CWRU team building an MRI-guided robotic heart catheter

November 11, 2013

In a matter of years, a doctor may see real-time images of a patient's beating heart and steer a robotic catheter through its chambers using the push and pull of magnetic fields while the patient lies inside a magnetic resonance imager.

Researchers at Case Western Reserve University have received a $1.3 million grant from the National Institutes of Health to perfect such technology over the next four years.

The project aims to improve treatment of arterial fibrillation—an irregular beat that occurs when electrical conductivity in the short-circuits and can lead to a stroke or heart disease.

To treat the problem, doctors slip a through a vein in the thigh up into the heart, where an electrode tip is used to burn, or ablate, the tissues involved in the short-circuiting. When successful, this allows the heart's electrical currents to travel smoothly, resulting in normal beating and blood flow.

But doctors sometimes have trouble maintaining contact with the target tissue. A beating heart moves the target, and flowing blood creates turbulence similar to airplanes through wind currents. The two-dimensional view produced through fluoroscopy imaging is often grainy or blurry. The result is surgeons sometimes burn more tissue than necessary, or not enough to eliminate the problem.

"With our technologies, we believe physicians will be able to accurately navigate and target tissues; they will see exactly where they are inside the heart in and see the tissues they are ablating in real time," said M. Cenk Cavusoglu, professor of electrical engineering and computer science and principal investigator on the project.

Doctors will still hand-feed the catheter from thigh to heart. But once there, the robotics will take over, Cavusoglu said.

To make a catheter robotic, the researchers have wrapped the inch behind the tip in tiny copper coils. By passing an electrical current through them, the coils create a .

When this magnetic field is paired with the magnetic field created inside the MRI to produce images, the catheter has the ability to move. In order to control the movement, Cavusoglu's lab is now developing software to use the fields like a pair of deftly controlled bar magnets.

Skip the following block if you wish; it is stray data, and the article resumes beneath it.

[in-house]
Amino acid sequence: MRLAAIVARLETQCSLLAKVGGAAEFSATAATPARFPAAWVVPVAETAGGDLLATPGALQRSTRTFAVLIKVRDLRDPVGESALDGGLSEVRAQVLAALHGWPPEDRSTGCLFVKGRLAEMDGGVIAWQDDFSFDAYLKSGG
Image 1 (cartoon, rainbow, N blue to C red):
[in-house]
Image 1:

A doctor using a joystick or touch screen will guide the catheter inside the patient. In the heart, to turn the catheter to the left or right, a current will be applied to coils in either direction.

The magnetic fields can produce the same effect as aiming two like poles of magnets at each other: they repel. Or aiming two unlike poles at each other: they attract. But, because the MRI field is much stronger, it's the catheter that moves. And, because the fields encircle the catheter, it can move up and down, not just side to side.

Nicole Seiberlich, an assistant professor of , has already developed the technology to see images inside the body 10 times faster than what's commercially available, without sacrificing the clarity for which MRI's are renown.

She and colleagues will continue to increase the speed, enabling a doctor to clearly see the landscape inside the heart in three dimensions in real time.

Mark Griswold, professor of radiology at Case Western Reserve School of Medicine, had begun investigating the idea of a inside an MRI several years ago, but his lab dropped the effort when the device could not be properly controlled.

Jeff Duerk, dean of the Case School of Engineering and a professor of biomedical engineering who specializes in imaging, introduced Cavusoglu to Griswold, Seiberlich and others in their labs. When the others learned Cavusoglu had control algorithms and was looking for a place to use them, they restarted the effort.

To maintain a steady aim and contact with target tissues inside the , Cavusoglu's lab has already developed algorithms that automatically compensate for the contracting and expanding muscles and the pulsing blood.